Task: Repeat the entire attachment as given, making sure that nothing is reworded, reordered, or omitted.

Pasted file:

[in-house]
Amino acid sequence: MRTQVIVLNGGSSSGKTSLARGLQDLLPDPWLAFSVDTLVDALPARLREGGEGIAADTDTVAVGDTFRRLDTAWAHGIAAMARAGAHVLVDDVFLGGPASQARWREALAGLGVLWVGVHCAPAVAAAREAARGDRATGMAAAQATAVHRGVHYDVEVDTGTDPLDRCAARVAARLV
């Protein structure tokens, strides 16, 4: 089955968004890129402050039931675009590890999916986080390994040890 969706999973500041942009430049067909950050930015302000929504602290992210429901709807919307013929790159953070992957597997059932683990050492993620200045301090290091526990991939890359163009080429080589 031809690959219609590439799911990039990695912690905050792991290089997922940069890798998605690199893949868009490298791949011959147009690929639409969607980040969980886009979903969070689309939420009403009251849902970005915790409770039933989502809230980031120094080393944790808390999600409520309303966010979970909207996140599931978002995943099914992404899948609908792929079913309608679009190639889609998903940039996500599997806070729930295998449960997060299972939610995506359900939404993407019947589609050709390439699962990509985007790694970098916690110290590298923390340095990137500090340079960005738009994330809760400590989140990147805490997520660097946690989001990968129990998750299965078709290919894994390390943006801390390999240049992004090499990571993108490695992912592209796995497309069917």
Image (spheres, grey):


[in-house]
Amino acid sequence: MRTQVIVLNGGSSSGKTSLARGLQDLLPDPWLAFSVDTLVDALPARLREGGEGIAADTDTVAVGDTFRRLDTAWAHGIAAMARAGAHVLVDDVFLGGPASQARWREALAGLGVLWVGVHCAPAVAAAREAARGDRATGMAAAQATAVHRGVHYDVEVDTGTDPLDRCAARVAARLV
């Protein structure tokens, strides 16, 4: 089955968004890129402050039931675009590890999916986080390994040890 969706999973500041942009430049067909950050930015302000929504602290992210429901709807919307013929790159953070992957597997059932683990050492993620200045301090290091526990991939890359163009080429080589 031809690959219609590439799911990039990695912690905050792991290089997922940069890798998605690199893949868009490298791949011959147009690929639409969607980040969980886009979903969070689309939420009403009251849902970005915790409770039933989502809230980031120094080393944790808390999600409520309303966010979970909207996140599931978002995943099914992404899948609908792929079913309608679009190639889609998903940039996500599997806070729930295998449960997060299972939610995506359900939404993407019947589609050709390439699962990509985007790694970098916690110290590298923390340095990137500090340079960005738009994330809760400590989140990147805490997520660097946690989001990968129990998750299965078709290919894994390390943006801390390999240049992004090499990571993108490695992912592209796995497309069917």
Image (spheres, grey):